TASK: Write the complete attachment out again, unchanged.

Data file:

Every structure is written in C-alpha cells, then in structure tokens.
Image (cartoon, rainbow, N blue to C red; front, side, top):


Every structure is written in C-alpha cells, then in structure tokens.
Image (cartoon, rainbow, N blue to C red; front, side, top):